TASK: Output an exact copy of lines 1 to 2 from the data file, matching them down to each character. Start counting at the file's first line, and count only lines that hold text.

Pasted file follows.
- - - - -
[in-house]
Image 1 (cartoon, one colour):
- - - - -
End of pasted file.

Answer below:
[in-house]
Image 1 (cartoon, one colour):